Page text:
This month many people will be looking for that truly terrifying movie to watch when the lights are out.
There is no shortage of contenders. Films set under the sea that build claustrophobic fears, slashers based on true events, and all manner of ghosts and monsters.
While I have more than a few films that you should never watch - purely because your time is important and you shouldn’t waste it on films like that, there are true gems out there.
Do I recommend the film that started my very rational fear of clowns? The still haunting TV adaptation of Stephen King’s IT.
How about the film that stopped me sleeping for an entire night due to me not knowing the living room I was sleeping in had a fish tank. The drip drip drip that freaked me out after watching the remake of, The Ring.
Perhaps I could go into The Conjuring and the films that followed- after all, the first made me jump out of my skin more than once.
Demons, ghouls, ghosts, crazed killers and so many more monsters. So with all that choice, what could I possibly recommend?
I’d recommend a TV show.
I am watching, The Haunting on Hill House for the second time. My heart still freezes, I still can watch it without the lights or my trusty, Whacka-Stick.
It is brilliantly layered, written, shot, and preformed.
As I re-watch, my eyes are drawn to the background more and more. Am I seeing one of the many ghosts or is this just my eyes playing tricks on me?
This anxiety of ‘perceived’ dread builds the tension like so very few others’ can.
Each one of the siblings is a representation of, ‘The Five Stages of Grief.’ And they themselves handle the trauma of their childhood in a way that stirs something deep within us.
Possibly the scariest part is watching the same scene from a different perspective.
In Steve’s chapter we see the house sometimes being packed with workmen- only for the father to tell us they were never there.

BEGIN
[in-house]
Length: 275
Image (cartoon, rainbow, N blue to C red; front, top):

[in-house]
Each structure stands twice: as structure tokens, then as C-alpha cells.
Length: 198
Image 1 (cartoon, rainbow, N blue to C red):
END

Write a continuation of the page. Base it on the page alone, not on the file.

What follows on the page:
We see Luke playing in his treehouse and yet (as if we ever needed to be told), both parents were far to busy to build such a thing. Luke himself being so traumatized from his childhood that he became dependent on drugs to cope.
Most shows will progress the horror in each episode. That’s not what this show does. This show just strips away all those things that you thought were keeping the characters safe. It progressively shows the ghosts that were always there.
Each sibling is an extension of ourselves, as the vale of a safety net for these characters is taken away, that fear becomes very real to us.
From the perspective of a man, seeing the broken father is a fear that plays on most of us. That worry that we can’t protect our families’, our loved ones’. Not being able to let go of the woman that he loves and even though he has left the house, he is haunted every day by what happened.
The mother, a kind, smart and strong figure that becomes entrapped by fear, paranoia, and eventually possessed.
Contrary to what I previously said, this is one of the few times we see the ‘progression of horror’. This is a blessing. Because we see the steps of the mother’s downfall we feel so much more connected to her. Constantly wanted her and the family just to run. Run from that damn house.
But this story is not a happy one.
I have left out massive chunks of this story. I’ve left out massive characteristics of the family- and that is my intent. However, there is a character that I haven’t spoken about. The true origin of fear and horror of the show and the bedrock of nightmares to follow.
Over and over in the flashbacks, you will hear, see and be told of, ‘The Red Room.’ And in true class A horror, ‘The Red Room’ is not always a red room.
The house is evil- the red room is the heart. It changes for each person and while this mystery plays out in front of our eyes, this wonder and all the questions we have, start to slowly fade away. Again as those safety are dropped we start to see the real danger that is standing right there.
The lion isn’t a cute cub anymore. It’s staring at you with hungry eyes and there is nothing between you two but six feet of cold dark air.
Arguably every great monster shows you how much danger you are in from the very start. The house does this.
I’ve left out so much for all those who have never watched this show for a very simple reason; you need to watch it.
Get your blanket and your very own whacka-stick before you park yourself in front of the box.
If you are watching this again - like me, see how many new things scare you this time around.